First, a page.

On June 14, 2013, Texas Governor Rick Perry signed a bill requiring law enforcement agencies to obtain warrants before accessing customer electronic data held by email service providers. Introduced on March 4, 2013, the bill passed unanimously in both the Texas House and Senate on May 7 and May 22, respectively. The law takes effect immediately.
The law amends the Texas Code of Criminal Procedure to require a warrant for the search and seizure of electronic customer data held in electronic storage. Electronic customer data refers to data or records that are in the possession, custody or control of an electronic communications service provider and that contain: (1) information revealing the identity of customers; (2) information about the customer’s use of the service; (3) information identifying the recipient of the customer’s electronic communications; (4) the content of the electronic communication; and (5) any data stored by or on behalf of the customer with the service provider.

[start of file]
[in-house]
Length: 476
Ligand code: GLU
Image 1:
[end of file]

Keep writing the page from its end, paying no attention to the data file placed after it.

Electronic storage is defined as “any storage of electronic customer data in a computer, computer network, or computer system, regardless of whether the data is subject to recall, further manipulation, deletion, or transmission, and includes any storage of a wire or electronic communication by an electronic communications service or a remote computing service.”
Law enforcement agencies may obtain a warrant by showing probable cause that a specific offense has been committed and that the electronic customer data sought (1) constitutes evidence of that offense or that a particular person committed that offense; and (2) is held in electronic storage by the service provider. Only electronic customer data described in the affidavit showing probable cause may be seized under the warrant. Subject to the probable cause requirement, a judge may issue a warrant regardless of whether the customer data is stored in Texas or another state. A warrant may be served on a service provider that is a Texas entity or is doing business in Texas.